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U.S. OPEN AT SHINNECOCK HILLS

Defense Might Be Weak

Furyk wasn't expected to play after wrist surgery in March, but he couldn't pass up opportunity.

June 16, 2004|Chris Dufresne | Times Staff Writer

SOUTHAMPTON, N.Y. — The man who arrived at last year's U.S. Open as one of those guys in the running for "best player never to win a major" checked in at Shinnecock Hills this week as "best player trying to avoid a major setback."

You could add to the list:

* Best player taking the biggest career risk.

* Best player with a bag of ice on his wrist.

* Best player most likely to withdraw after hacking an iron out of the hay.

Jim Furyk, winner of the 103rd U.S. Open, was not supposed to be entered in the 104th.

He even had a note from his surgeon.

After a breakthrough 2003 season capped by his three-shot U.S. Open victory over Stephen Leaney at Olympia Fields, Furyk's career quickly turned uphill into a head wind.

He lasted two events into this year's PGA Tour calendar when the left wrist that hampered him for months bothered him to the point of shutting down all engines.

The operation performed March 22 to repair cartilage was supposed to sideline Furyk for at least three months.

The simple math -- April, May, June -- pretty much ended any idea of Furyk's being able to defend his U.S. Open title, beginning Thursday.

Yet, Furyk is here, bags in tow, doctors on call and aspirin at the ready.

"I'm throwing myself into the fire this week, coming to the U.S. Open and not playing for as long as I have and playing a difficult golf course set up this tough," Furyk said Tuesday. "It's going to be a tough week, I'm going to have to grind it out."

Some may question why Furyk is doing this.

He hasn't played a round of competitive golf since missing the cut in January at the Sony Open.

No doubt, a part of Furyk being here can be attributed to miracles of modern medicine.

Furyk's wrist has responded much faster than he expected, he said, so much so he couldn't fathom the thought of not taking his first U.S. Open victory lap.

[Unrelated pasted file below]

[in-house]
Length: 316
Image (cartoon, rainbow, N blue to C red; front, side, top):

"I was told in order to hurt myself or re-injure my wrist I'd have to do something violent," Furyk said. "That might be taking a lash out of the heather with a hard seven-iron, which I would like to think I'm a little smarter than that."

Part of Furyk being here also has to do with his honorable desire of wanting to defend his title -- as longshot as those hopes might be.

"There is a little warm feeling about it," Furyk said. "And, you know, that's again, one of the reasons I wanted to be at this event.

"I'm not one that's always sat around to smell the flowers too long anyway. And I push myself pretty hard. And I realize that there's a tough task in front of me.

"After this week all that nostalgia will be over with and everyone will forget and then it will just be about me getting my game back in shape."

In pure golf terms, Furyk could not have picked a worse place to plot a return, if you believe reports Shinnecock Hills is playing more like Shinnecock Hell.

Many of the world's best golfers are already conceding par for the course.

Shinnecock Hills has a British Open feel -- it's wide open, barren and wind blown.

Making a comeback here is akin to a mountain man choosing K2 for his comeback climb.

Furyk's fear is hitting a wayward shot wide into the tall grass and wondering if, physically, he will be able to chop it out.

Furyk has not played a full round in quite some time.

He has been working his way back slowly with leisurely nine-hole outings followed by plenty of rest.

The wrist has held up fine, so far, but he'll be pushed to the brink here over four days -- assuming he makes it to the weekend

"If I felt that I couldn't play out of the rough, then obviously I wouldn't be here, because it wouldn't be worth it," Furyk said.

There is no telling how long, or short, Furyk's Long Island stay will be.

He could pull out Thursday after staring down at a wicked lie in the weeds.

He might wake up Friday with a wrist too sore to support a cup of coffee.

Last year, Furyk's goal was to win the U.S. Open.

This year, his goal is simply to finish it.

Lowered expectations?

"I'm not sure," he said. "I don't know. Right now I want to just go out there and compete, do the best that I can and play well....

"I probably expect more out of myself than anybody else, but I also know that I have to be realistic."

*

OPEN FACTS, FIGURES

When: Thursday-Sunday.

Where: Shinnecock Hills Golf Club (6,996 yards, par 70), Southampton, N.Y.

Purse: $6.25 million. Winner's share: $1,125,000.

Television: ESPN (Thursday-Friday, 7 a.m.-noon, 2-4 p.m.) and Channel 4 (Thursday-Friday, noon-2 p.m.; Saturday- Sunday, 9:30 a.m.-4 p.m.).

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